The general correspondence file (Folder 3-16) mainly documents Henry's attempt to enlist news correspondents for the magazine during its early days. The file also deals somewhat with administrative details. Correspondents include Gerald Beaven of the BGEA, Martin Luther King, and Evan Welsh.

    The correspondence files of Henry's successor, Harold Lindsell (1968-1978) also deal partly with the work of the magazine and partly with the editor's other activities as an author, scholar, and evangelical leader.

    The transition from the administration of the two men is documented in folder 1920 as are Henry's continuing involvement in the magazine; his comments on CT's editorial policy, the U.S. Congress on Evangelism, and the demise of the British journal The Christian. Some details of the magazine's attempted expansion into the book publicity field are contained in the Henry DeWeerd (Folder 19-3), Coleman Luck (Folder 19-32), "I" (Folder 19-22) and "H" (Folders 19-18,19) folders. Many other letters scattered throughout the files illustrate the internal workings of CT, such as a letter to Hugh Bittner on computer-related subscription problems; some exchanges with the Lilly Foundation about possible grants; the correspondence in the "J" (Folders 19-23,24) folder with CT board member Maxey Jarman; many letters from J. Howard Pew (Folder 20-24) on articles appearing in the magazine and on other topics such as the development of CT's editorial policy, problems facing the church and the nation, the possibility of a Center for Reformed Studies, and Gordon-Conwell Seminary (Pew and Lindsell both served on the board of that school). An interesting and useful paper by John Carter titled "A Sociological Analysis of Christianity Today and Society" is in the "C" file (Folder 18-39).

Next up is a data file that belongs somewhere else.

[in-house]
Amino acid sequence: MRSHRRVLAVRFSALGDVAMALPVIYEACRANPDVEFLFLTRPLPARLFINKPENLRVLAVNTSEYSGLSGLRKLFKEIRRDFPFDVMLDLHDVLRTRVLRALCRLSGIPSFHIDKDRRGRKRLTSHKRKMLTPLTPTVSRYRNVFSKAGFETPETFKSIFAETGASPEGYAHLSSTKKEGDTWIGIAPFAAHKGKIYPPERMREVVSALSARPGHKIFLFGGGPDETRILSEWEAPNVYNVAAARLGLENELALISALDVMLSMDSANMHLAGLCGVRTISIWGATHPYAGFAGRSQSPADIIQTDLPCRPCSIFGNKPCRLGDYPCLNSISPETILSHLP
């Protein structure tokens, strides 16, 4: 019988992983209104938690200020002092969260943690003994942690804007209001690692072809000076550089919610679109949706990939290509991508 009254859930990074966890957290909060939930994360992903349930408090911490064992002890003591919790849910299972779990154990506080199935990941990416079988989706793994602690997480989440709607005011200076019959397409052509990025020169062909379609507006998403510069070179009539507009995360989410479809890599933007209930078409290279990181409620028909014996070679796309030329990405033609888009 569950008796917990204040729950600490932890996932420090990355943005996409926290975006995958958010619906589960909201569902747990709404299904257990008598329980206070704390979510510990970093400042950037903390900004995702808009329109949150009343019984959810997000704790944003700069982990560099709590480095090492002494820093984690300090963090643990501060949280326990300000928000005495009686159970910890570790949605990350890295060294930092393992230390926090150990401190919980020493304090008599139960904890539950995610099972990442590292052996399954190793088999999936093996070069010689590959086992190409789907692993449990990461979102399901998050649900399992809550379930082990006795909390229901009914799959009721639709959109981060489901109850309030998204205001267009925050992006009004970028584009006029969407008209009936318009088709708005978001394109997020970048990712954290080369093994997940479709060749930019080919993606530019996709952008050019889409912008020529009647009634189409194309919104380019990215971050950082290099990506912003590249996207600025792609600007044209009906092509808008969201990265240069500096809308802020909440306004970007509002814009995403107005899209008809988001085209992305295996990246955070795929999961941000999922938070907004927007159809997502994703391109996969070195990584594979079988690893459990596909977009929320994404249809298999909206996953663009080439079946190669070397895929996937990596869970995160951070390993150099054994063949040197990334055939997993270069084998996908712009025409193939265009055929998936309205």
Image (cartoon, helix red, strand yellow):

Lindsell kept in touch with the editors of other magazines and newspapers, either responding to something he had seen in their publication or answering comments they sent to him about CT. Among the editors and publishers represented in the correspondence file are James D. Douglas of The Christian (Folder 15-9), the editors of Christianity and Crisis and Commonweal (Folder 15-9), the editor of Harpers, Russell Hitt of Eternity (Folder 19-21), Martin Marty of The Christian Century (Folder 15-10), the editor of the New York Times, Ben Patterson and Denny Rydberg of the Wittenburg Door (Folder 20-43), Carol Saia of Incite, William H. Powell of The Southern Baptist Journal, G.A. Taylor of The Southern Presbyterian Journal, and Jim Wallis of Sojourners.